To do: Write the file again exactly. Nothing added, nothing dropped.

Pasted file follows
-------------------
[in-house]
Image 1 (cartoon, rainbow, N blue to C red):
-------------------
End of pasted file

[in-house]
Image 1 (cartoon, rainbow, N blue to C red):